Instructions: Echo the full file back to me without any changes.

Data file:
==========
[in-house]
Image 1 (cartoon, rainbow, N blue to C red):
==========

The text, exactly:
[in-house]
Image 1 (cartoon, rainbow, N blue to C red):